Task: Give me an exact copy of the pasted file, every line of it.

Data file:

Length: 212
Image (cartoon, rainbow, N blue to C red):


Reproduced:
Length: 212
Image (cartoon, rainbow, N blue to C red):